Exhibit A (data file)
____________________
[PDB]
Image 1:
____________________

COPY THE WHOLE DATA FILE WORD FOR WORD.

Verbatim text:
[PDB]
Image 1: